By the end of this session:
- You will be able to define a coaching culture and why it is important.
- You will be challenged to become an organizational anthropologist.
We will introduce our programme by considering the three terms which make up the title of this course coaching, culture and cultivating. Determining the nature and implications of these terms will help us to establish a bigger picture of the context and application for our learning.
At the heart of all coaching is the idea that the coachee has answers and agency. The coach’s role is, therefore, not to direct or advise, but to create the conditions in which the coachee can access their own knowledge, ideas, motivation, and capability to address the challenge they face:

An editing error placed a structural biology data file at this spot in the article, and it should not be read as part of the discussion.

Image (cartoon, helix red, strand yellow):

“This speaks to the very heart of coaching: building self-awareness and enabling people to find the answers themselves through active listening and genuine inquiry.”
So, whilst not training to become coaches specifically, developing a coaching approach takes place through conversation and relationship:
“A conversation where the coach acts as the facilitator to the coachee, so that they learn, gain insight and take action toward a specific and agreed outcome.”
“Coaching aims to help release potential and to improve performance, primarily through a non-directive approach in a structured discussion.”
These conversations do not need to be lengthy, like those a trained coach might have, but are structured:
“…the major function of coaching is that it moves the client from one place to another in a purposeful, planned and motivating way … coaching helps people cope with change because it teaches them mechanisms for how to mitigate uncertainty and creates self-direction to manage the unknown.”